Work and Energy Problem

  • Thread starter pxp004
  • Start date
  • #1
12
0
An object with inertia m = 1.5 kg is connected to a spring with spring constant k = 250 N/m and equilibrium position at x0 = 5 cm (for x > x0, the force is directed toward the origin). The object is initially at rest at position x = 10 cm. You grab the object and move it slowly to position x = 20 cm. After you finish moving it, you continue to hold the object at rest at its new position. How much work did you do on the object? I know the main equations but i just done know what to do. Please Help!
 

Answers and Replies

  • #2
Simon Bridge
Science Advisor
Homework Helper
17,857
1,655
Welcome to PF;
You know the main equations, so a good first step is to write them down.

You need to know - conservation of energy, work-energy relation, potential energy stored in a spring.
 
  • #3
12
0
could you help me get started. With what equation? and I'm kinda confused on the 3 distances given.
 
  • #4
HallsofIvy
Science Advisor
Homework Helper
41,833
964
If it requires force kx to move a mass M as distance x, then the work necessary will be [itex](1/2)kx^2[/itex]. Is that the formula you needed?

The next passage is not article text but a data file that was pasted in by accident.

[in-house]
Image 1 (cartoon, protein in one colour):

• #5
Simon Bridge
Science Advisor
Homework Helper
17,857
1,655
Lets see - the three distances are:
x0, the equilibrium position.
x1, the initial position
x2, the final position

what's the problem?

If the mass were at x0, how much force would the spring exert on it?

The mass was at rest at x1 > x0, how much force does did spring exert on it? What was the total force on it? What do you deduce from that?

You moved the mass from x1 to x2 > x1 ...
 
  • #6
12
0
Did you guys get 1.25 J as the answer. And if so, why did it give me the mass of. And how does that not affect work done?

My thought process: work is the change in energy which in this case is the change in potential (atleast I think it is). So I used the equation 1/2 kx squared.
 
  • #7
Simon Bridge
Science Advisor
Homework Helper
17,857
1,655
Notice that the mass starts off at rest at a position that is not the equilibrium position?
What would you deduce from that information?
 

Related Threads on Work and Energy Problem

  • Last Post
Replies
5
Views
1K
  • Last Post
Replies
1
Views
598
  • Last Post
Replies
6
Views
1K
  • Last Post
Replies
1
Views
2K
  • Last Post
Replies
1
Views
699
  • Last Post
Replies
1
Views
1K
  • Last Post
Replies
1
Views
890
  • Last Post
Replies
8
Views
1K
  • Last Post
Replies
2
Views
1K
  • Last Post
Replies
1
Views
2K
Top